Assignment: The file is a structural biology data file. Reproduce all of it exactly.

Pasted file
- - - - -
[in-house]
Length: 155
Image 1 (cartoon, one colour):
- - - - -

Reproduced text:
[in-house]
Length: 155
Image 1 (cartoon, one colour):